OMG whatever next snowflake teenagers are being triggered by FULL STOPS. Say (who else?) linguists:
The debate was reignited after writer Rhiannon Cosslett tweeted:
‘Older people – do you realise that ending a sentence with a full stop comes across as sort of abrupt and unfriendly to younger people in an email/chat? Genuinely curious.’
Several Twitter users expressed disbelief, and, despite her own use of a full stop, one even accused her of ‘peak snowflakery’. That prompted crime novelist Sophie Hannah to reply: ‘Just asked 16-year-old son – apparently this is true. If he got a message with full stops at the end of sentences he’d think the sender was “weird, mean or too blunt”.’
According to experts, youngsters used to communicating electronically break up their thoughts by sending each one as a separate message, rather than using a full stop, which they use only to signal they are annoyed or irritated.
Dr Lauren Fonteyn (left), from Leiden University, and Owen McArdle (right), from University of Cambridge, have been discussing the change in use of the full stop as youngsters now interpret the full stop as a sign of anger in the age of instant messaging
Some have said the full stop is redundant when used in texting because the message is ended just by sending it.
Well, they have a point there. Isn’t a full stop at the end of a passage that has clearly ended some sort of redundant tautology?
Professor David Crystal, one of the world’s leading language experts, argues that the usage of full stops is being ‘revised in a really fundamental way’.
In his book, Making a Point, he says that the punctuation mark has become an ’emotion marker’ which alerts the recipient that the sender is angry or annoyed.
He wrote: ‘You look at the internet or any instant messaging exchange – anything that is a fast dialogue taking place. People simply do not put full stops in, unless they want to make a point.
The full stop is now being used in those circumstances as an emotion marker.’
In other words, the snowflakes are treating a full stop as some sort of Emoji, rather than a formal way to mark the end of a sentence or paragraph. What to make of that?
I’ve opined on punctuation previously here. Thus on drafting speaking-notes:
Try this instead:
Easier said than done!
The challenges? Enormous!
Each context? Different!
But – we’re getting results!
x x x
The Dimitra Clubs. In Niger
Rural women having their say – in decision-making
Rural women with equal access
To services. To opportunities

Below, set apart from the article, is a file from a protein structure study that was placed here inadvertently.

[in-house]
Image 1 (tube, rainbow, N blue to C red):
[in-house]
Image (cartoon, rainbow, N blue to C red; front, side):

x x x
People grow more
People have more
Fewer hungry mouths
x x x
Things get better
This is some 52 words. A full 35 words shorter!
The text is pared to the minimum. No full-stops! Scarcely grammar as such. Tiny ‘sentences’ or just simple phrases, of just a word or two.
Yet this text does so much more. It lets the words and ideas and images breathe.
The speaker can glance at the page and follow. Improvise. These micro-sentences allow the speaker to run them together or not, as makes sense on the day.
Note too how this second version indicates places where the speaker could pause for emphasis. It suggests words that might benefit from extra stress. It uses punctuation to help the speaker adjust energy and tone.
In short, this version is a transformational improvement. Its very form encourages the speaker to think differently about speaking: to get away from a flat teleprompter-like ‘narrative’ and just express herself boldly and with conviction.
Or this on ‘correct’ punctuation. That depends on what exactly you want to convey:
Punctuation is about using lines and dots on a written page to help convey nuances of tone and emphasis that come and go without thinking when we’re speaking.
Look at the differences in meaning here:
Aslam’s home was broken into by thieves when he was away in Lahore on business.
Aslam’s home was broken into? By thieves? When? He was away in Lahore on business!
Aslam’s home was broken into by thieves! When he was away in Lahore! On business!
Aslam’s home was broken into by thieves! When he was away! In Lahore? On business?
And there was the Great Debate. Are you a Platonist or an Aristotelian when it comes to punctuation? Call me a Platonist on that one. I go by ear (ie how the sentence should sound):
Some writing will benefit from somewhat breathless punctuation to make a certain sort of emotional impact on the reader. Other writing needs to be more formal, more sedate and measured.
All this comes to a head in official or senior speechwriting. Here the drafter has to do two incompatible jobs.
First, to prepare a text which is user-friendly for the speaker on the day, using dynamic punctuation and layout and anything else handy to help the speaker effortlessly use emphasis and get a better audience reaction.
Second, to write a text which can be published afterwards ‘for the record’ as a coherent piece of work with some authority. Here the punctuation and lay-out and general feel of the words may have to be quite different to be convincing.
When I’m writing my terse one-page roleplay briefs, I’ve stopped using full stops to end a paragraph. Why add clutter? You don’t want spots on your face. Why scatter them on a page (or across a PowerPoint slide) when the meaning is clear?
And in any case, a text or a roleplay brief (or a PowerPoint slide) is not an essay or a literary piece of formal work. It’s some words written down in the format that makes sense for that context to help people read and learn/understand stuff. Keep punctuation to the barest minimum needed to achieve that.
So whereas any teen who indeed gets worked up over a stray full stop closing a text message needs to go on a long bike ride, that teen has a point in not seeing the need for superfluous spots to end that text message. It’s a TEXT MESSAGE, not a PhD thesis. You can see that it’s ended. Just as you can see at a glance that a newspaper headline has ended and no-one puts a full stop there. Why go on about it?